Introduction: Last week, we began this series with a discussion on how imperative it is that Nigerians begin to examine the quality of the leaders that they elect to represent them on the national stage. With a lens on the 2015 general elections (that draws ever-closer), and the political posturing by individuals and groups that are gearing up to contest in our favorite national charade – democratic free and fair elections – we examined parts of Han Fei Tzu’s ‘Maxim of the Worthy Ruler,’ and put forth some criterion (based on Tzu’s maxim) that we can use to gauge our next generation of leaders.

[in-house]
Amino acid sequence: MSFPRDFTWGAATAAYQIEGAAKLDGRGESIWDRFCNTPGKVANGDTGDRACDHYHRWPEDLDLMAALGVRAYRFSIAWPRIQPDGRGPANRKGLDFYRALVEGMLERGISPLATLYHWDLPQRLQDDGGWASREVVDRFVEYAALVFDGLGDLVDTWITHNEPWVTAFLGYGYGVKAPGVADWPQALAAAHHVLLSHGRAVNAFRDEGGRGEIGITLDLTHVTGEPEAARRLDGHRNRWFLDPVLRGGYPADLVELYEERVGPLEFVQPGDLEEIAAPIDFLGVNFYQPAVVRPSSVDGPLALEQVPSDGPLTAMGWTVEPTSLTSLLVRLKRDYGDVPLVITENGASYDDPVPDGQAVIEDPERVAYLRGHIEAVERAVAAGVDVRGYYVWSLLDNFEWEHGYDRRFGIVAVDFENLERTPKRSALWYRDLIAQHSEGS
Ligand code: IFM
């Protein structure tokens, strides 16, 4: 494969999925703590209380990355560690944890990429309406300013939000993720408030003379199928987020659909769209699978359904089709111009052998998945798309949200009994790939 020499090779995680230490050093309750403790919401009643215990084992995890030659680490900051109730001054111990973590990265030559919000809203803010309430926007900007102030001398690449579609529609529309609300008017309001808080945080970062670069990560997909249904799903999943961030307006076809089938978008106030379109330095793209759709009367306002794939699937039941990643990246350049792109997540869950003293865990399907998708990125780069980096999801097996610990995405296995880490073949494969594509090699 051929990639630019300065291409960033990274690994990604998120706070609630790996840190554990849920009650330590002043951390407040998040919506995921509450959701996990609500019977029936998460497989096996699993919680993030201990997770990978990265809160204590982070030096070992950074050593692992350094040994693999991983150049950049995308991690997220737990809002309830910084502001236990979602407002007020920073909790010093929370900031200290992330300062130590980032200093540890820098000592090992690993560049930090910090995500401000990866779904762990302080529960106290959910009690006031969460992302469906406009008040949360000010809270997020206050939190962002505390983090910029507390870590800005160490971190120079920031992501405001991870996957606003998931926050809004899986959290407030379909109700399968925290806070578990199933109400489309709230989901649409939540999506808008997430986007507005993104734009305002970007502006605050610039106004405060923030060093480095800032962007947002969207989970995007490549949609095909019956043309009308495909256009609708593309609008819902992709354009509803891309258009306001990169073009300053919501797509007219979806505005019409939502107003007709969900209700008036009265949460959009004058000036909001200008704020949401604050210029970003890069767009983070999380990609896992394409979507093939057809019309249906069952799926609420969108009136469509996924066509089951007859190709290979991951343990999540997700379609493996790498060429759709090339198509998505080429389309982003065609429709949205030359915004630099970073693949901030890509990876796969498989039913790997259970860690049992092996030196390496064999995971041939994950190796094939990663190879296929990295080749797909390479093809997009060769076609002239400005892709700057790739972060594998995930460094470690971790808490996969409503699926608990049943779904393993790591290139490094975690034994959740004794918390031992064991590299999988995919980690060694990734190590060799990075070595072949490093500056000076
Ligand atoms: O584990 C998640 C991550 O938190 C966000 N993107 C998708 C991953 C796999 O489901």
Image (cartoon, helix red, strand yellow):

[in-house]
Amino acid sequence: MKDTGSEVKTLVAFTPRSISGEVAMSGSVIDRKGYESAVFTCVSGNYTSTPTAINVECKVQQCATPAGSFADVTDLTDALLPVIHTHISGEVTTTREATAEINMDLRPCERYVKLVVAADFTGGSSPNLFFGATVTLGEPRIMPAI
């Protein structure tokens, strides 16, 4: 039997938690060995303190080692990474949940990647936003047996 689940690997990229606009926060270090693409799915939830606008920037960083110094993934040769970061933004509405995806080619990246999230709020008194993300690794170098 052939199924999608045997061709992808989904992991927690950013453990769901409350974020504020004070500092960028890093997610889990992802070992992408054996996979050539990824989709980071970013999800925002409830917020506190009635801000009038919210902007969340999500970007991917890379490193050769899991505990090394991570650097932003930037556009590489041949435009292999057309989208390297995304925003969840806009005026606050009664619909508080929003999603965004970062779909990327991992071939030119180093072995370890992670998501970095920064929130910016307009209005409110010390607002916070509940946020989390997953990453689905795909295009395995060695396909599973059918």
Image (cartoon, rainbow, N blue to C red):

This week, our point of reference for this discussion, will be two of the laws from Robert Greene’s celebrated but equally contentious bestseller, The 48 Laws of Power. The two laws in question are as follows: “Do not commit to anyone” (Law 20) and “Despise the free lunch” (Law 40). These laws, as explained by Greene, show that everything worth having has an associated cost, and to attain a degree of power over those in or with power, one can trap them by offering them free services or gifts. Owing to the aforementioned fact, using these ‘laws’ as guides, we will focus on one of the principal but oft-overlooked characteristics of great leaders: freedom. ‘Freedom’ within the context of this article, shall convey an independence and a lack of indebtedness (political or otherwise) to individuals and groups like: the political godfathers; the political, cultural, social and religious special-interest groups and; the financial sponsors that help to propel candidates victory.